History – When I was in middle school I wore just jeans, loose Shirts and wide pullovers. I wasn´t the “girly” girl. I became interested in fashion when I discovered the goth subculture in highschool. But I couldn´t effort it or it didn´t came in my size so I started trying to sew for my own.

The first garment was horrorble *laughs*.

I was never the popular one so I could develop my own sense of style and what is cute or not.

Lately I´m in University where you can where whatever you want. So I´m free to find myself again.

I´m still sewing from time to time and have a loooot of fabrics that don´t mix and match or fit my style ( or I bought too less for a specific garment). To avoid spending money useless in the future I´ll plan thinks out now.


I grew up white, lower middle class, protestant, blue collar in rural Pacific Northwest. We recreated outdoors (camping, fishing, boating.) When I want to return home I try to recall the smell of an old canvas wall tent in the forest.

Something I carry with me from childhood is love for the occupational uniform – work clothes, especially aprons, belts, gloves, and hats. They are extensions of the worker: protecting, conferring little advantages that make the job easier like improved grip or easy access to tools, and they are often visually striking. They transform a person. Dad never went to work without his crusty redwing boots, gold watch, can of copenhagen (or a brass zippo), and battered metal thermos, and he kept an old vinyl briefcase in his truck to hold a pen and his mileage logs. I don’t know what it was about these really mundane items but they had their own kind of life, perhaps from being handled so routinely; they were essential. Nothing else was needed.

I also have a general affinity for the outdoorsy types of things, but that may have been reinforced by the whole grunge thing in the 90s.

Lesley Brown

My head refuses to believe I am on the wrong side of 50. Done. Still want to wear tight jeans, skimpy tops, high heels… But my figure says no! Having said that I still do it if I want to. Don’t really care about mutton dressed as lamb and all that tosh. If I like it, I will wear it as I only have a mirror in the bedroom, so once I leave it I am instantly 3 dress sizes slimmer. I also know teen age friends much larger than me who wear short skirts etc so if they don’t care, why should I? I even wear a bikini on the beach and if I get mistaken for a whale at least I’m getting a suntan. I could be sensible and wear what suits me, but then I wouldn’t enjoy it so much.


My biggest influence is definitely history–I grew up in uniforms, then grunge in high school, college was mostly jeans and sweatshirts, then it was back to uniform jobs for a long time. As a result of that, I never learned how to dress myself, and I tend to buy 5 RTW tops in different colors if they look all right. I’ve never really enjoyed carrying handbags; I prefer to put the essentials in pockets. I have also been going through early menopause (at 34) and have the associated weight-gain around the middle. It’s turned my hourglass into an apple, and I’m not sure what to do with it. I’ve gotten so frustrated that I’ve finally turned to sewing my own, and am teaching myself to draft patterns based on my measurements. I’m looking forward to making what really works for me! Flats (minimalist shoes are best for me!), generous pockets, layers (to combat the hot flashes), feminine, and comfortable. It’s not too much to ask, right? Oh, and I want to look fabulous too! My life is changing from a hopeful-mom-to-be into a rockstar water chemist, and I need a wardrobe that can keep up with teaching, research (in the toxic river, sometimes in waders), and consulting.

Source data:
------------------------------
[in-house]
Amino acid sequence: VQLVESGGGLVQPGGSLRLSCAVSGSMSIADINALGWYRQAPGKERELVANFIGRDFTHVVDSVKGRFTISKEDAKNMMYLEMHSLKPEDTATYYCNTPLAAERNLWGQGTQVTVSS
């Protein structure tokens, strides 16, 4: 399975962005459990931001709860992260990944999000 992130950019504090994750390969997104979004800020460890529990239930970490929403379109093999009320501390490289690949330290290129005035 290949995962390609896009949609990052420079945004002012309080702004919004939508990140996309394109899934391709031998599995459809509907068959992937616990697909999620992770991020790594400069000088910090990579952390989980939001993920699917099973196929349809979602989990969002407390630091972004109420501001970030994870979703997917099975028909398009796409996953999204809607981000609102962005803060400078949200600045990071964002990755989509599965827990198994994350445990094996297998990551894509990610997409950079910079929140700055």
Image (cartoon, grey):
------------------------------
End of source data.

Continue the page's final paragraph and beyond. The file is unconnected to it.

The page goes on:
I’m an anti-consumeristic, eco friendly girl… and I don’t like to play by high maintenance rules, and still look good… I’m a teacher. for the last entire year, I wore mostly dark jeans from a 2nd hand shop called clothes mentor to work with various cheap sweaters and nice shirts. I wore tennis shoes because my feet are an issue for me…

But I’m on this bandwagon because I want to be more professional at my job… yet still with simple and classic flare… but jeans are go to for many there, so I don’t want to overdo it either… and I want to not buy buy buy.. I’m okay with sew sew sewing though…

I am kinda proud that I made my son’s last three pairs of jeans out of worn out pairs of my jeans…


Dear Sarai, dear all,

I am a bit late to join but I just stumbled upon your project and it fits perfectly now for me.
Body: since I was a teenager (maybe still before) I struggled with my weight always being a little fatty. I lost weight, I gained weight again. Now over the last year I lost 14kg (about 31lb) due to major changes in my nutritional and activity habits. As you can imagine my wardrobe doesn’t fit at all by any means. I didn’t only change my food but also try to test my boundaries (right word?). I tried bouldering and climbing, I got a new piercing and a tattoo. All things I always was too timid and too afraid to try.